Shadow from lens when using flash


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baconseet

New Member
Oct 4, 2008
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Woodlands
#1
Hi,

Am using D90 with built-in flash. Tried using Sigma 10-20mm lense (nikon mount) with flash. Saw that my picture has a shadow at the bottom of my picture. Seems to be from the flash that cast on the lense.

1. Is this because the lense is too wide?
2. Is this because of the built in flash? Need to get a flash that is higher?
3. Anyway to overcome this? I have no issue on some shots with flash.. strange...:what:

thx in advance for advice..
 

Deming86

New Member
Mar 27, 2008
261
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SengKang
#4
No Flash = No Shadow = Dark

As mentioned, if you need to use flash using a UWA, you gotta get an external flash and shoot off camera. Or you could shoot extra wide and try to crop out the shadows? =\
 

sin77

New Member
Nov 28, 2004
1,865
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#5
i suggest u invest in a good flash... confirm no regrets one.
 

zac08

Senior Member
Feb 21, 2005
11,755
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East
#6
Hi,

Am using D90 with built-in flash. Tried using Sigma 10-20mm lense (nikon mount) with flash. Saw that my picture has a shadow at the bottom of my picture. Seems to be from the flash that cast on the lense.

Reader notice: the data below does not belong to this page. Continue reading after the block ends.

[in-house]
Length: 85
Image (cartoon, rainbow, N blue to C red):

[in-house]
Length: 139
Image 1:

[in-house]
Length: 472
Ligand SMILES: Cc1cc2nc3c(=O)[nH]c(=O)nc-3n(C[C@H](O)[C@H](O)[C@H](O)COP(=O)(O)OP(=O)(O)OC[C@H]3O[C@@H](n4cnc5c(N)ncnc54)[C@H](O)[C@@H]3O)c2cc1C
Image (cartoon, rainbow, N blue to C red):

1. Is this because the lense is too wide?
2. Is this because of the built in flash? Need to get a flash that is higher?
3. Anyway to overcome this? I have no issue on some shots with flash.. strange...:what:

thx in advance for advice..
Yes, a wide lens with hood will be a cause. Similarly if you shoot close ups with a long lens, you may also get this same problem

Using an external flash will remove this issue.
 

jtchoy

New Member
Oct 2, 2008
312
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0
#7
Yeah, shoot with external flash...

18-200 also has this "problem"...
 

Flashbulb

New Member
Jun 20, 2008
530
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0
#8
Hi,

Am using D90 with built-in flash. Tried using Sigma 10-20mm lense (nikon mount) with flash. Saw that my picture has a shadow at the bottom of my picture. Seems to be from the flash that cast on the lense.

1. Is this because the lense is too wide?
2. Is this because of the built in flash? Need to get a flash that is higher?
3. Anyway to overcome this? I have no issue on some shots with flash.. strange...:what:

thx in advance for advice..
can show picture?
 

Blur Shadow

Senior Member
Sep 17, 2005
4,886
4
0
#10
Hi. I use a Nikon D70 and the Sigma 10-20mm lens as well, and am familiar with the problem.

Yes, your deductions are correct. Either zoom in, thereby losing the essence of the ultra-wide, or use an external flash.
 

Mar 15, 2007
389
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16
Singapore
#11
using a external flash will eliminate your problem. i am also having the same problem when using 55-250 close up.
 

Octarine

Moderator
Staff member
Jan 3, 2008
12,518
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Pasir Ris
#12
1. Is this because the lense is too wide?